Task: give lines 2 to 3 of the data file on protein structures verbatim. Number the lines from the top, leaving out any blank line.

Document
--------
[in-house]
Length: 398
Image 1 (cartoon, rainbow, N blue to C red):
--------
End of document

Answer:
Length: 398
Image 1 (cartoon, rainbow, N blue to C red):